Funding Opportunity Announcement (FOA) for the Department of the Navy (DoN) Science, Technology, Engineering & Mathematics (STEM), Education and Workforce Program, administered by the Office of Naval Research (ONR)
These abridged abstracts provide a summary of research grants funded in association with the annual FOA.
Inspiring Students to Pursue U.S. Navy STEM Careers through Experiential Learning
Dr. Brian Kish, Florida Institute of Technology
The overall goal of this program is to inspire, engage and educate K-12 and college students about Navy missions through diverse, experiential-learning programs. Faculty from flight test, aerospace, aviation, ocean engineering and project-based learning will craft outreach campaigns, laboratory courses and summer camps designed to break through modern students’ addiction to virtual experiences and devices. The selection of topics and instructors will be custom-tailored to encourage, promote and sustain naval science and technology efforts. The goal is to have students of all ages and backgrounds touch and operate real air, sea and space systems and to solve worthwhile engineering challenges. Students will actually fly in aircraft, ride on boats, operate satellite simulators, and build, test and break robotic systems. The team will monitor the effects of the innovative educational program initiatives by repeatedly interviewing students to measure their motivation to pursue further education in STEM and their interest in career paths relevant to the Navy.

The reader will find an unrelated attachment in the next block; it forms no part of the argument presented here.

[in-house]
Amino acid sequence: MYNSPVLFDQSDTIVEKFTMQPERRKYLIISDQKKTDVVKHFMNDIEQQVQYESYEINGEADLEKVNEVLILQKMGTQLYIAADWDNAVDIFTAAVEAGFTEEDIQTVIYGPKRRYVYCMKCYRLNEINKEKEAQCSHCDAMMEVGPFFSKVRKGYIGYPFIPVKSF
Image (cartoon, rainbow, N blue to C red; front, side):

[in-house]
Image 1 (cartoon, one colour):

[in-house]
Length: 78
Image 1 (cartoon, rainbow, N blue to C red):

Naval STEM Program at California State University Los Angeles
Dr. Mark Tufenkjian, California State University Los Angeles
This program aims to increase the pipeline of high-quality STEM graduates who enter the Navy’s Southern California workforce equipped with relevant naval knowledge and skills. The program focuses on providing underserved and underrepresented student populations (e.g., Hispanic minorities, women, military-connected students) at California State University Los Angeles access to STEM education opportunities and a pathway to naval STEM careers. The Navy benefits by improving the quality, quantity and diversification of its future workforce, in order to sustain its technological superiority across its missions. Repeated exposure to and engagement in organized naval-relevant activities throughout a student’s undergraduate education (freshmen through senior year) will inspire them to pursue STEM careers with the Navy upon graduation. Activities include a hands-on summer program for high school female students, a program to support California State University Los Angeles’ military-connected students, enhancements to California State University Los Angeles’ Autonomous Underwater Vehicle student organization, and a new curriculum in Artificial Intelligence and Data Science.
Problem-based Initiatives for Powerful Engagement and Learning In Naval Engineering and Science (PIPELINES)
Dr. Maria Teresa Napoli, University of California Santa Barbara